As the fieldwork progressed, Lamia and I traveled across South Dhaka. Interestingly, changing areas brought changing gender dynamics. In Moghbazar and Malibagh, we met several women waste workers who collected waste from every flat and transported it to the dustbin. One respondent explained she faced no social problems doing this work. “People don’t give me any trouble”, she said, “And this work doesn’t change the way that people view me. This is because at the end of the day, I can go home and I can wash my hands and then I am clean. Then I am the same as anyone else”.

    Factors such as gender, class, and race compound to influence both what women earn, and what work is available to them. As Dhaka city has no formal recycling system, waste pickers are the primary processors in a system of both economic and environmental benefit. Women may be emerging as the new face of the informal recycling chain in Dhaka in terms of participation, but it is often a face veiled from public or political recognition; a face kept looking down at a basket behind a dustbin. However, gender and class have demonstrated an interesting and unexpected relationship for women’s work opportunities in the waste sector.

    Far greater numbers of women waste collectors, who also separate and sell the recyclables, were visible in lower socioeconomic areas in the city. I asked Lamia about these variations. She explained that our earlier interviews had been in posher areas, and now we had transitioned. It seemed that in the less wealthy areas, there was less stigma around women’s involvement in waste work. These observations negated my previous ideas that increased income, and assumed increased education, necessarily leads to increased gender positioning- at least in the informal waste sector. Lamia nodded to draw my attention to the happenings around us and explained, “you see this man, and he is here fixing his rickshaw. And next to him, this woman is depositing the waste in the dustbin. And there are also men working with the waste. They are all working for their survival. In that way, it doesn’t matter that he is man and she is woman. In that way, they are the same”.

    Additional Reading

    Chen, M. (2001). Women and Informality: A Global Picture, the Global Movement. SAIS Review, 21(1), pp.71-82.

    Chen, M., Vanek, J. and Carr, M. (2004). Mainstreaming informal employment and gender in poverty reduction. London: Commonwealth Secretariat and International Development Research Centre.

    Waste Concern, (2004). Country Paper Bangladesh. Dhaka, pp.1-20.

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  • Happy Floating Gardening!


    January 5th, 2016

    The year 2015 ended well for floating-garden-enthusiasts!

    On 15 December, the Food and Agriculture Organization of the United Nations (FAO) declared floating gardening of Bangladesh as a Globally Important Agricultural Heritage System (GIAHS). This agricultural system has now become one of the 36 systems around the globe, and the first from Bangladesh. A GIAHS is essentially an outstanding land use system or a landscape that has been evolving with a community meeting their needs and desire for sustainable development.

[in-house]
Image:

Floating gardening is a traditional agricultural practice in the southern part of Bangladesh. In this farming system, rafts are made on stagnant waters with aquatic plants, mainly water hyacinth. On these platforms, crop seedlings are raised, and vegetables, spices and other crops are cultivated during monsoon. In winter, when water recedes from the wetlands, these rafts are dismantled and mixed with soil as compost to grow winter crops.

    gathering produce from a floating garden 21778

    In addition to supporting food and nutrition to rural Bangladeshis, this indigenous technology is a good tool for disaster management and climate change adaptation in the wetlands. Floating farming has also been an useful income generation option for wetland dwellers, thus their poverty alleviation, by managing aquatic resources.

    Over the past few years, floating gardening has received much global attention, specifically as a means of adaptation to climate change. It has now found its place in the latest authoritative Fifth Assessment Report of the Intergovernmental Panel on Climate Change (IPCC). Practical Action’s work on floating gardening in Bangladesh is showcased by the UN Framework Convention on Climate Change (UNFCCC) as a farmer-led sustainable agricultural adaptation technology.

    FAO’s latest recognition is a step forward to appreciate the contribution and opportunity of this indigenous technology to mitigating some basic global challenges, like food insecurity, extreme poverty and climate change. Such global appreciation is indeed a result of long-term efforts by many organizations, like, Practical Action, IUCN, CARE and Bangladesh Centre for Advanced Studies (BCAS), to name a few.